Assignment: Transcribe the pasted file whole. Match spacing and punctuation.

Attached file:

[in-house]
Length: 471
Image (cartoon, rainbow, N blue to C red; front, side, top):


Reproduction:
[in-house]
Length: 471
Image (cartoon, rainbow, N blue to C red; front, side, top):